Flemings Left Hand Rule Class 12 states that if we stretch the thumb, the forefinger and the middle finger of our left hand such that they are mutually perpendicular to each other.

If the forefinger gives the direction of current and middle finger points in the direction of magnetic field then the thumb points towards the direction of the force or motion of the conductor.

Then if the fore-finger points in the direction of field $(\overrightarrow{\mathrm{B}})$, the central finger in the direction of current , the thumb will point in the direction of force.

**(ii) Right-hand Palm Rule :** Stretch the fingers and thumb of right hand at right angles to each other. Then if the fingers point in the direction of field $\overrightarrow{\mathrm{B}}$ and thumb in the direction of current $\mathbf{I}$, the normal to palm will point in the direction of force.

Regarding the force on a current-carrying conductor in a magnetic field it is worth mentioning that :

(a) As the force BI d\ell sin \theta is not a function of position r, the magnetic force on a current element is non-central [a central force is of the form $\mathrm{F}=\mathrm{Kf}(\mathrm{r}) \overrightarrow{\mathrm{n}_{\mathrm{r}}}]$

(b) The force d\vec $\overrightarrow{\mathrm{F}}$ is always perpendicular to both $\overrightarrow{\mathrm{B}}$ and $\mathrm{Id} \vec{\ell}$ though $\overrightarrow{\mathrm{B}}$ and $\mathrm{Id} \vec{\ell}$ may or may not be perpendicular to each other.

(c) In case of current-carrying conductor in a magnetic field if the field is uniform i.e.,

$\overrightarrow{\mathrm{B}}=$ constt.,

$\overrightarrow{\mathrm{F}}=\int \mathrm{I} \mathrm{d} \vec{\ell} \times \overrightarrow{\mathrm{B}}=\mathrm{I}\left[\int \mathrm{d} \vec{\ell}\right] \times \overrightarrow{\mathrm{B}}$

and as for a conductor $\int_{\mathrm{d}} \vec{\ell}$ represents the vector sum of all the length elements from initial to final point, which in accordance with the law of vector addition is equal to the length vector $\overrightarrow{\ell^{\prime}}$ joining initial to final point, so a current-carrying conductor of any arbitrary shape in a uniform field experience a force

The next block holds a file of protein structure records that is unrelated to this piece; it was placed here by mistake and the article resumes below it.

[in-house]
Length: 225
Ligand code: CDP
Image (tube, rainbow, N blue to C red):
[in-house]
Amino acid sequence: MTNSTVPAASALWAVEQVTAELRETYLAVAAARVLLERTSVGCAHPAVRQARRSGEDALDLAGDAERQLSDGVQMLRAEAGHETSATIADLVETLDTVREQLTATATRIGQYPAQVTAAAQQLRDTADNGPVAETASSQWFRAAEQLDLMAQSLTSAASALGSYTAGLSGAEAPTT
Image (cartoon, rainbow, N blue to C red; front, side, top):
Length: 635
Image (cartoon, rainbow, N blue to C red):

$\vec{F}=I\left[\int d \vec{\ell}\right] \times \vec{B}=I \ell^{\prime} \times \vec{B}$

where $\vec{\ell}$ is the length vector joining initial and final points of the conductor as shown in fig.

(d) If the current-carrying conductor in the form of a loop of any arbitrary shape is placed in a uniform field,

$\overrightarrow{\mathrm{F}}=\oint \mathrm{Id\vec{\ell }} \times \overrightarrow{\mathrm{B}}=\mathrm{I}[\oint \overrightarrow{\mathrm{d} \vec{\ell}}] \times \overrightarrow{\mathrm{B}}$

and as for a closed loop, $\oint \mathrm{d} \vec{\ell} \text { is always zero. [vector sum of all } \mathrm{d} \vec{\ell}]$

i.e., the net magnetic force on a current loop in a uniform magnetic field is always zero as shown in fig.

Here it must be kept in mind that in this situation different parts of the loop may experience elemental force due to which the loop may be under tension or may experience a torque as shown in fig.

**Current Loop in a Uniform Field**

(e) if a current-carrying conductor is situated in a non-uniform field, its different elements will experience different forces; so in this situation,

$\overrightarrow{\mathrm{F}_{\mathrm{R}}} \neq 0$ but $\overrightarrow{\mathrm{\tau}}$ may or may not be zero

**Click here for the Video tutorials of Magnetic Effect of Current Class 12**

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